I know my memory isn’t playing tricks on me—not only because I know the house by heart, after living there for the first 16 years of my life, but also because I visited it quite recently, earlier this month. The first photograph is clearly the exterior of another, albeit quite similar, Wright house, and I’m sorry that I’m not enough of a Wright expert (as my brother Alvin is) to be able to identify it precisely. If you look closely at the row of glass doors on the left in the second photograph, you can barely see the thin line of a stone terrace just underneath them that is remarkably similar to the one seen much more clearly in the top photograph that juts to the right in a diagonal line and then ends, with three steps just below it. There are also steps just below the terrace in the Rosenbaum house, but they’re not visible in the second photograph. Moreover, the two sets of four glass doors on the right—which used to be the doors to my own room and my parents’ room, respectively—belong to a separate wing that has no counterpart in the top photograph. (Complicating matters somewhat further is the fact that this is what most people would call the “back” exterior of both houses, but something Wright, with his fetishizing of privacy, would have called the “front” exterior.)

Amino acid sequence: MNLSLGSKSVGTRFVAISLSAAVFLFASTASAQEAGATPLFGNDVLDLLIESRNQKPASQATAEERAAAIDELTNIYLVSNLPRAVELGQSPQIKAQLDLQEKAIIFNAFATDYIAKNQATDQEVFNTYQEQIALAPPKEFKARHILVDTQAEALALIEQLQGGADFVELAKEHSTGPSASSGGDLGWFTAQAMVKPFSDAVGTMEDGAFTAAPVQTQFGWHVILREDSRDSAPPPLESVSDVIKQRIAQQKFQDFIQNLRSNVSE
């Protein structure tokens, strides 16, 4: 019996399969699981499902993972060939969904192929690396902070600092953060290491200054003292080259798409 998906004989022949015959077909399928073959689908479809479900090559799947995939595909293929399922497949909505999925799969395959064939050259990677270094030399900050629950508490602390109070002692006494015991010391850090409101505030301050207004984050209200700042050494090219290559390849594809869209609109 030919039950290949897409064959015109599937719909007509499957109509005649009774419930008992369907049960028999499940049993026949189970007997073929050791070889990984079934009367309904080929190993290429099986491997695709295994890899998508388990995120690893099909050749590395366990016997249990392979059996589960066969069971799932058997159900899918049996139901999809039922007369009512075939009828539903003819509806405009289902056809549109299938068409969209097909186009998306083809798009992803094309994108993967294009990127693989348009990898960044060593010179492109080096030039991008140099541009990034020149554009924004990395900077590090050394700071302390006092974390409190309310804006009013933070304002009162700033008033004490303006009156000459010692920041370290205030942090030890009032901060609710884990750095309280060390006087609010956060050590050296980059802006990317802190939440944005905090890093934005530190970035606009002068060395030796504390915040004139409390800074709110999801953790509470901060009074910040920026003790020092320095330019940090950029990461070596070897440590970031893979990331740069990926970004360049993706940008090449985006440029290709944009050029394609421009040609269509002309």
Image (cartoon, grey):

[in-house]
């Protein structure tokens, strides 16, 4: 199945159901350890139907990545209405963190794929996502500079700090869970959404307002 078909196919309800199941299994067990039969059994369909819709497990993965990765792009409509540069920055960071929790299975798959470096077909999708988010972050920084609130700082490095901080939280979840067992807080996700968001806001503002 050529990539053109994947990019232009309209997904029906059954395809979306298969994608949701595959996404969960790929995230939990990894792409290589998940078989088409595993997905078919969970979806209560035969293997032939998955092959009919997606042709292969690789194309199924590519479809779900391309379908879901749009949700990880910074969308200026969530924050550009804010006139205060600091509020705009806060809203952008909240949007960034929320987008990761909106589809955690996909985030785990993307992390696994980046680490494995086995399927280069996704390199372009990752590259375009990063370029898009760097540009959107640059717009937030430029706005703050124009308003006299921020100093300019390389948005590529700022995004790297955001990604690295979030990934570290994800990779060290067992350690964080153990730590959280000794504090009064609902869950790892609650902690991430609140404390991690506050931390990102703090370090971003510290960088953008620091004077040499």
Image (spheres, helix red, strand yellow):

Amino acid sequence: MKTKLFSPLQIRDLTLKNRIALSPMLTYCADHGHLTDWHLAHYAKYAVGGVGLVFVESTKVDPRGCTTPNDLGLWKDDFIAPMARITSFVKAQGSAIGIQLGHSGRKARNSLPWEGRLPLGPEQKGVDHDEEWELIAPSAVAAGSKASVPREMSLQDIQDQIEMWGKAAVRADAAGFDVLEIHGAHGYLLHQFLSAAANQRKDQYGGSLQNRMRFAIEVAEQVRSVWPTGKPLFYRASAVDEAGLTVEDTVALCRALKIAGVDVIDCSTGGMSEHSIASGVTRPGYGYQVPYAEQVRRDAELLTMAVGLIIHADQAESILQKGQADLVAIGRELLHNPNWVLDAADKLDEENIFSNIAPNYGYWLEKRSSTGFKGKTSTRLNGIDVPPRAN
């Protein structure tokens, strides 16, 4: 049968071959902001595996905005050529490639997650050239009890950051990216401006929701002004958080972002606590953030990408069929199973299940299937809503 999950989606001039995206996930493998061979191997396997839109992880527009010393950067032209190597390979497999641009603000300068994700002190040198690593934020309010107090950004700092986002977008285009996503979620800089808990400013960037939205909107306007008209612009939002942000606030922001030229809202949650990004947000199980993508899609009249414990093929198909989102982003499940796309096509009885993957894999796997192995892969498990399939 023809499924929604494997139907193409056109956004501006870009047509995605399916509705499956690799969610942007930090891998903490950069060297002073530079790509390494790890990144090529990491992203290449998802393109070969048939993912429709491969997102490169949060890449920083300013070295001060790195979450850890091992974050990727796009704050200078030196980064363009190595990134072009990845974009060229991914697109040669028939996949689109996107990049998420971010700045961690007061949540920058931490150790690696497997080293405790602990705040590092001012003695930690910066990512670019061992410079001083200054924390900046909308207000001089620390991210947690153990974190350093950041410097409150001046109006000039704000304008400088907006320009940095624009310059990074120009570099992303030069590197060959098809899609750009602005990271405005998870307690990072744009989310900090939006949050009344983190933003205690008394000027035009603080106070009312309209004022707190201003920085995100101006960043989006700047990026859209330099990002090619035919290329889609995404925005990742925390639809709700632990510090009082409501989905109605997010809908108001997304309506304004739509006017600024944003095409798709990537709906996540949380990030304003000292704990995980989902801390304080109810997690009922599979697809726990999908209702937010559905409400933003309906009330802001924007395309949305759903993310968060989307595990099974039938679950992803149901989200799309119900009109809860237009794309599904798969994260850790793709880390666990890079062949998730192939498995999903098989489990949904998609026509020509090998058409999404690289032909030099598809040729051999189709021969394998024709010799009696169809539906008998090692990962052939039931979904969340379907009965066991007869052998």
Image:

The strange part of this is that the first photograph registers to me like the kind of “realistic” distortion one might experience in a dream, almost (but not quite) as if the photograph were printed in reverse. I’m not sure how this other house found its way into the archives of the Florence Board of Tourism, which keeps the house open for public tours (and has done so ever since it was restored by the city several years ago), but the similarity to the Rosenbaum house is uncanny—almost as uncanny to me as the differences.
P.S. For a better and closer view of the terrace of the Rosenbaum house, see the photograph on page 18 of Alvin’s excellent book, Usonia: Frank Lloyd Wright’s Design for America (1993). [3/24/09]